These terms originate from the movement of cargo but now they are gradually appearing in the field of passenger transport, as can be seen already in the 2011 "Characterization of Participants in Multi and Intermodal Transport" by Prof. Dr.-Ing. Regine Gerike (FIS (Forschungsinformationssysteme)).
Regarding these definitions, a multimodal traffic participant is using various alternating transport methods during his trip, e.g. in fair weather he is using his bike to go to work, and in bad weather he is using public transport or his own vehicle.
An intermodal traffic participant combines various transport means, e.g. driving to a Park & Ride with his own vehicle, and then using public transport for the rest of his trip.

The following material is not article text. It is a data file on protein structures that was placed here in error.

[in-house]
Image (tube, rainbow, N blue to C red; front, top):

We are used to getting advice from travel information systems when planning our trips, especially for rarely used routes.
Following these definitions, multimodal trip information is only a meta search ending up with a simple side-by-side display of the search results for different transport options. This method cannot optimize the results when searching the various connections - it can only filter out the bad alternatives after having received all the results of the search process.
Many options are also not able to transport the passenger "from door to door", if we consider, for example, flights and long-distance buses. Such modes of transport need the supplement of services to and from the airport / bus station - the so called "last mile problem". Often, the passenger has to solve this problem himself - and this does not greatly increase the attractiveness of those options.